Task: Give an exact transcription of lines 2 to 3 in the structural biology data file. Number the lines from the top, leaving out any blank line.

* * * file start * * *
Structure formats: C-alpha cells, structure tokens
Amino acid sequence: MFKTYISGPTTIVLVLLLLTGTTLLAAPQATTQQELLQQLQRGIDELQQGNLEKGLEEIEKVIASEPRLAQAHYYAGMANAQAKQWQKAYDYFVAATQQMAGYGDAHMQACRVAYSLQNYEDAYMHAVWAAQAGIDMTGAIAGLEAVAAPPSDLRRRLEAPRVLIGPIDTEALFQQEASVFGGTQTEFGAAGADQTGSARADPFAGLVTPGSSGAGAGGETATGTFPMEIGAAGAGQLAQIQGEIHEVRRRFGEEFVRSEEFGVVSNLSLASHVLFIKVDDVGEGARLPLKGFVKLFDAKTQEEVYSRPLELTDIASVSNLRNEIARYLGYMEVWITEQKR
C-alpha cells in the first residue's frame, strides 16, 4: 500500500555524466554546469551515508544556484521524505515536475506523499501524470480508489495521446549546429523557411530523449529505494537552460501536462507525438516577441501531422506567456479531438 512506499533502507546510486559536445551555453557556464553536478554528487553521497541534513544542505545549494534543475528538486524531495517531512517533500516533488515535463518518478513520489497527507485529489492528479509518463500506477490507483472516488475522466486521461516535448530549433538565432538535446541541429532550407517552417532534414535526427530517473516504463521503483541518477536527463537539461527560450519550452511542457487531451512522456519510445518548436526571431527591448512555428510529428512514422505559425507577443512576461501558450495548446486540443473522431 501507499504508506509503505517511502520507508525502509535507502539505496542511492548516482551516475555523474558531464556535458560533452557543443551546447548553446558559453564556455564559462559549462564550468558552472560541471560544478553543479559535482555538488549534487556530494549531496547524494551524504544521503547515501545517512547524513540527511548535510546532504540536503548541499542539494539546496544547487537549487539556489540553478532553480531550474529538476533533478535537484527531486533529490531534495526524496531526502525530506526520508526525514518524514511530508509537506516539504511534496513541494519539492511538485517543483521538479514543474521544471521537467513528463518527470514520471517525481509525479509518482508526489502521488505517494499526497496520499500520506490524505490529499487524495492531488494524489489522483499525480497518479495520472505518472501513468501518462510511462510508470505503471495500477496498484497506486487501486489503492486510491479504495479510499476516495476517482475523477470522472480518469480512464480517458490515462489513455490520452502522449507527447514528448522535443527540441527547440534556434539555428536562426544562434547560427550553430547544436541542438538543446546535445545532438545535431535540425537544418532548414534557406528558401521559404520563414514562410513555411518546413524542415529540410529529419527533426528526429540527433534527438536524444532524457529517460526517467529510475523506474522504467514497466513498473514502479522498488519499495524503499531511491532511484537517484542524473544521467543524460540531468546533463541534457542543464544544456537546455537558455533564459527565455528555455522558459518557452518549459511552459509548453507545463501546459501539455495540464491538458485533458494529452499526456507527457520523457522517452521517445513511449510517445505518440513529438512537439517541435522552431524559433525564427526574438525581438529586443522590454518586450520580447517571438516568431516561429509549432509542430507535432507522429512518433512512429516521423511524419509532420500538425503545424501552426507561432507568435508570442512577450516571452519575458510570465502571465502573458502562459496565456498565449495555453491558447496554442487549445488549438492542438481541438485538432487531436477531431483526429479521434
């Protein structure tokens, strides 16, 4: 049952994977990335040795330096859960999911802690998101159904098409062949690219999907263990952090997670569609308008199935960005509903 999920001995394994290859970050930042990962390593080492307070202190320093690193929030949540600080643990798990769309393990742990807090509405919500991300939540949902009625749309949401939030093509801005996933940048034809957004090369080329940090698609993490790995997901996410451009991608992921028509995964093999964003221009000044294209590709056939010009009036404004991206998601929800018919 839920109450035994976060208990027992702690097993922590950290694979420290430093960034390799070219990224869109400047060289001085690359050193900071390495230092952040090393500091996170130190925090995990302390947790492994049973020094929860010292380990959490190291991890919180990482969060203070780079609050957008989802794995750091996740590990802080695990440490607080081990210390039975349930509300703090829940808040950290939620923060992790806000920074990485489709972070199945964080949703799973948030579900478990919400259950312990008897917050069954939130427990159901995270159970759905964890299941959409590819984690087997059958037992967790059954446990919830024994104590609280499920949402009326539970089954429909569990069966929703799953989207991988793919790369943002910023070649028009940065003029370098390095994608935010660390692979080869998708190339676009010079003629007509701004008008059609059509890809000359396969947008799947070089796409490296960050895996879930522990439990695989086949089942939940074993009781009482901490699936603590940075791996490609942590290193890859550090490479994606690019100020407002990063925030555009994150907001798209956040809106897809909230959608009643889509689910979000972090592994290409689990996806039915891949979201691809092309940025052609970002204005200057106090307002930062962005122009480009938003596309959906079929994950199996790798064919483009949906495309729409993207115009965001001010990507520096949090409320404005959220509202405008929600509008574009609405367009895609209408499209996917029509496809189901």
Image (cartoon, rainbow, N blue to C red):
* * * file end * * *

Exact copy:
Amino acid sequence: MFKTYISGPTTIVLVLLLLTGTTLLAAPQATTQQELLQQLQRGIDELQQGNLEKGLEEIEKVIASEPRLAQAHYYAGMANAQAKQWQKAYDYFVAATQQMAGYGDAHMQACRVAYSLQNYEDAYMHAVWAAQAGIDMTGAIAGLEAVAAPPSDLRRRLEAPRVLIGPIDTEALFQQEASVFGGTQTEFGAAGADQTGSARADPFAGLVTPGSSGAGAGGETATGTFPMEIGAAGAGQLAQIQGEIHEVRRRFGEEFVRSEEFGVVSNLSLASHVLFIKVDDVGEGARLPLKGFVKLFDAKTQEEVYSRPLELTDIASVSNLRNEIARYLGYMEVWITEQKR
C-alpha cells in the first residue's frame, strides 16, 4: 500500500555524466554546469551515508544556484521524505515536475506523499501524470480508489495521446549546429523557411530523449529505494537552460501536462507525438516577441501531422506567456479531438 512506499533502507546510486559536445551555453557556464553536478554528487553521497541534513544542505545549494534543475528538486524531495517531512517533500516533488515535463518518478513520489497527507485529489492528479509518463500506477490507483472516488475522466486521461516535448530549433538565432538535446541541429532550407517552417532534414535526427530517473516504463521503483541518477536527463537539461527560450519550452511542457487531451512522456519510445518548436526571431527591448512555428510529428512514422505559425507577443512576461501558450495548446486540443473522431 501507499504508506509503505517511502520507508525502509535507502539505496542511492548516482551516475555523474558531464556535458560533452557543443551546447548553446558559453564556455564559462559549462564550468558552472560541471560544478553543479559535482555538488549534487556530494549531496547524494551524504544521503547515501545517512547524513540527511548535510546532504540536503548541499542539494539546496544547487537549487539556489540553478532553480531550474529538476533533478535537484527531486533529490531534495526524496531526502525530506526520508526525514518524514511530508509537506516539504511534496513541494519539492511538485517543483521538479514543474521544471521537467513528463518527470514520471517525481509525479509518482508526489502521488505517494499526497496520499500520506490524505490529499487524495492531488494524489489522483499525480497518479495520472505518472501513468501518462510511462510508470505503471495500477496498484497506486487501486489503492486510491479504495479510499476516495476517482475523477470522472480518469480512464480517458490515462489513455490520452502522449507527447514528448522535443527540441527547440534556434539555428536562426544562434547560427550553430547544436541542438538543446546535445545532438545535431535540425537544418532548414534557406528558401521559404520563414514562410513555411518546413524542415529540410529529419527533426528526429540527433534527438536524444532524457529517460526517467529510475523506474522504467514497466513498473514502479522498488519499495524503499531511491532511484537517484542524473544521467543524460540531468546533463541534457542543464544544456537546455537558455533564459527565455528555455522558459518557452518549459511552459509548453507545463501546459501539455495540464491538458485533458494529452499526456507527457520523457522517452521517445513511449510517445505518440513529438512537439517541435522552431524559433525564427526574438525581438529586443522590454518586450520580447517571438516568431516561429509549432509542430507535432507522429512518433512512429516521423511524419509532420500538425503545424501552426507561432507568435508570442512577450516571452519575458510570465502571465502573458502562459496565456498565449495555453491558447496554442487549445488549438492542438481541438485538432487531436477531431483526429479521434